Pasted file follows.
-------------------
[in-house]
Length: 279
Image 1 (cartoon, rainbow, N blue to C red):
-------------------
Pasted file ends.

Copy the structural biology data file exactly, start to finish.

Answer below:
[in-house]
Length: 279
Image 1 (cartoon, rainbow, N blue to C red):